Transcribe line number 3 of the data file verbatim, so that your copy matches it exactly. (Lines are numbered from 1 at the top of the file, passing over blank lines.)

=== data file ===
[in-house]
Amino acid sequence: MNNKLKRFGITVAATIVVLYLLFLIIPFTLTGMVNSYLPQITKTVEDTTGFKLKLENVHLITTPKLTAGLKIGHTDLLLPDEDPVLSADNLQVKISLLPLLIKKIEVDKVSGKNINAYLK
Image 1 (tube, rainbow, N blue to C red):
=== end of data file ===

Image 1 (tube, rainbow, N blue to C red):